In the 1960s, America was passing through a time of racial unrest and civil demonstrations.
On March 28, 1963, Dorothy Whitson, took part in the historic march in Washington for civil and economic rights for African Americans. The March on Washington was to be one of the largest political rallies for human rights in United States history.
Whitson and her husband had been stationed in the Deep South during the World War II.
"We were quite disturbed by the amount of segregation and discrimination we found down there and we were anxious to do what we could about it," she said.
Whitson grew up in India and became very interested in Gandhi's nonviolent movements.
"We understood that Dr. King had gotten quite a few of his ideas from Gandhi, and we heard that Dr. King would be at the march, so that was another reason we wanted to attend," she said.
Whitson remembers on the day of the march that she and her husband, "drove to Washington D.C. and went to Augustana Lutheran Church ... and went with a group on a bus from the church down to the mall."
It was from there that she joined the march towards the Lincoln Memorial.
She said she remembers her feelings upon arriving.
"I was a bit apprehensive. I can't say it was exactly being afraid," she said. "I wouldn't have had to been."
Whitson said she had not expected the massive amount of people that attended, but was expecting inspiration.
"We experienced a very wonderful attitude on the part of all the people that were attending. It was not scary or anything," she said. "It was a feeling of brotherhood a feeling of friendliness."
The march became an important part of the rapidly expanding Civil Rights movement.
It was also on this day that Martin Luther King, Jr. delivered his inspiring and historic "I Have a Dream" speech advocating for racial equality and an end to discrimination.
Whitson agrees with his views saying, "civil rights should not be for just one group of people, that it should be for everybody."
Whitson describes the experience of being there as simply, "awesome," and compares it to going to the sea shore. She explains, it was like "seeing a wave come in, the waves stared out as a gentle swell and as he increased in his volume, it increased and everybody started to get quieter and he pulled everybody into what he was saying and it was like the wave got stronger and stronger and finally it just broke when it got to 'I have a dream' ... and everybody was crying... I know I cried, but it was a wonderful speech ... it moved me in a way that I'll never forget."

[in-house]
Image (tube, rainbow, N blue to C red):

Dr. King's speech is one of the most well-known political speeches of the 20th century. His speech helped transform the nation and his words will remain and forever be recognized in history.
"It was great inspiration," Whitson said. "His choice of words was wonderful, but I think the spirit that came, that emanated from him was contagious and it just seemed like it caught us all up ... in one great message."
Whitson witnessed a day that is remembered by many.
"It did help me to understand more, although I never can fully understand what some of the things they must have gone through, it helped me to have a deeper understanding and also a greater admiration for Dr. King," she said.
Times have changed since the early '60s, although Whitson acknowledges the change she says, "there is still a ways to go" and said the march was "the beginning of a deep change."
Dr. King's speech was recently played at Carroll Lutheran Village and
"It had the same wonderful effect that it did back then," she said.
Whitson said she feels privileged to be a part of history and said she appreciates all the people that who took part in that memorable day.